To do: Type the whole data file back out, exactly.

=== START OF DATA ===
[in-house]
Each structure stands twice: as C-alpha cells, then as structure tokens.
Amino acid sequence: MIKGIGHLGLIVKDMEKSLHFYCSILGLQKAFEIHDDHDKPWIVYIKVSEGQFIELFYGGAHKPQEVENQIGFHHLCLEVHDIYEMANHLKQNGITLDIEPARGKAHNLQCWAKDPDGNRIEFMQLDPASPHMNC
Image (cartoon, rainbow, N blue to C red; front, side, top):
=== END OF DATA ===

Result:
[in-house]
Each structure stands twice: as C-alpha cells, then as structure tokens.
Amino acid sequence: MIKGIGHLGLIVKDMEKSLHFYCSILGLQKAFEIHDDHDKPWIVYIKVSEGQFIELFYGGAHKPQEVENQIGFHHLCLEVHDIYEMANHLKQNGITLDIEPARGKAHNLQCWAKDPDGNRIEFMQLDPASPHMNC
Image (cartoon, rainbow, N blue to C red; front, side, top):